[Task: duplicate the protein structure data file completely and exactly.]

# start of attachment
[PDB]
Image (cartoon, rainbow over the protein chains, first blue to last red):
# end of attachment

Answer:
[PDB]
Image (cartoon, rainbow over the protein chains, first blue to last red):